If they are not carrying adrenaline you must get them medical attention urgently. Try and keep them calm. If the emergency service say that they cannot get to you within minutes then put the person in a car and get them to the nearest medical emergency room as fast as possible. As soon as you get there one person rush in and tell them you have an anaphylactic shock patient coming in so that they can come out to the car with you.

Knowing how to react is vital, as I found out  when I suffered two cases of anaphylactic shock. Once as a reaction to penicillin and once when I was attacked by fire ants in Texas. I was in full anaphylactic shock in minutes and luckily a neighbour drove us straight to the emergency room which was one block away. We arrived in bathing costumes and the driver dashed in and called for assistance. They were fast but it was still touch and go for about 20 minutes.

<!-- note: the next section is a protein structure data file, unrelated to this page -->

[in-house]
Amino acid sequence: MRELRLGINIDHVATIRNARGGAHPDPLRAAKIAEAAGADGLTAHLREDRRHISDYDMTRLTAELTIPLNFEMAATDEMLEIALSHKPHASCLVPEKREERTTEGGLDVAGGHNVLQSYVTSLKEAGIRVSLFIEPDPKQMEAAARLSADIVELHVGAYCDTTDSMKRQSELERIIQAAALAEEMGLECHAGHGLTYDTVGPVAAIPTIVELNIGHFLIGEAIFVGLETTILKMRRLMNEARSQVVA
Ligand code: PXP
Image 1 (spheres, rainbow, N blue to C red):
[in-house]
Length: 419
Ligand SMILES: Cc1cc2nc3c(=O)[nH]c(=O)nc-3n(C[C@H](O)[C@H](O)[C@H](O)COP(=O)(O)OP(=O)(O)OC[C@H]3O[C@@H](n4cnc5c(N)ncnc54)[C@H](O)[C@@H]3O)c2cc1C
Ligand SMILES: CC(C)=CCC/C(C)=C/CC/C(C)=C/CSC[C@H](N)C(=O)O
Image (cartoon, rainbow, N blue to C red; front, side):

If you think that someone is going into this severe allergic reaction then act first and think later. Don’t wait to see if it develops, if breathing is beginning to be compromised then get help immediately.

Apart from food are there any other common causes fro this extreme reaction?

Quite a few people are allergic to latex which of course is found in rubber gloves and condoms. It mainly affects people who are in constant contact with latex products during medical procedures, like nurses and doctors. Patients who are in hospital for extended stays or have a lot of hands on medical treatment can develop an allergy.

There is a link to latex and food. It would seem that a person who reacts to latex might also react strongly to consuming bananas, avocados, kiwi, figs, peanuts, potatoes and tomatoes.

Other non-food allergens are bees, wasps and any other stinging insect such as the fire ants.

Are there less severe allergic reaction and what causes them?